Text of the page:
Hannah Joynt explores how we relate to the land.
We live in the landscape all the time. Yet we don’t necessarily consider our relationship with the landscape as we move through. Landscape painting might suggest that landscape is fixed, but it is not static. We might think of parts of the New Zealand landscape to be wild and untouched - but things like flora and fauna extinctions, climate change and introduced species such as deer mean none of it is unmodified.
Hannah Joynt, a Lecturer in our College of Art Design and Architecture, says that immersing herself in the landscape is an important part of considering her relationship with our environment. Her works begin with her being in these places, walking, sketching, photographing, then when she is making the works in the studio she is remembering how she felt at the time and seeking to represent that lived experience. The texture in the landscape is key for her, and she uses her materials to "touch" the landscape.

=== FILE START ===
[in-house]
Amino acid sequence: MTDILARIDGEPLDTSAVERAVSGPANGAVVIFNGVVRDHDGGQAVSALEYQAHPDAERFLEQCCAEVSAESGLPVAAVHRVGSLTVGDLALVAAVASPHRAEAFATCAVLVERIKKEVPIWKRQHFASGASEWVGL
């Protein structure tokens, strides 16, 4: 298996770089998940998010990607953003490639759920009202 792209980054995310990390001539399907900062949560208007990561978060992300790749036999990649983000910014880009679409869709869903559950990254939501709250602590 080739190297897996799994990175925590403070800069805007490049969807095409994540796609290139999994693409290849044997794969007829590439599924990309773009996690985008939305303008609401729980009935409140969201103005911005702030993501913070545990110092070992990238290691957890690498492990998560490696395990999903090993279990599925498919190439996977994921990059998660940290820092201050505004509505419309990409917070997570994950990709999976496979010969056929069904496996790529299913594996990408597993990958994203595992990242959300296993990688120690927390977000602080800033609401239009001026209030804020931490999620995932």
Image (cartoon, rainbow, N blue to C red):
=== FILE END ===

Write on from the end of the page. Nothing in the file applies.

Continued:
Hannah hopes that that sense of touch gets passed on to the viewers, through this small 60 x 60cm frame, a window into Hannah's textural landscape experience. Her work is inviting, so that viewers can share that experience with her and also have their own experience of the landscape through her work. Hints of human influence are a nod towards the knowing about how the landscape is forever being modified by people.
Hannah's work was on display as part of a group exhibition, New Perspectives on Landscape at the Forrester Gallery in Oamaru from 27 October until 2 December 2018. The other exhibitors were also recent graduates of the Dunedin School of Art's Master of Fine Arts: Miranda Joseph, Robyn Bardas, Fiona Van Oyen, and Sue Pearce. Clive Humphreys was studio supervisor for all of the artists and curated this exhibition of their collective work.
Image credit: Hannah Joynt, used with permission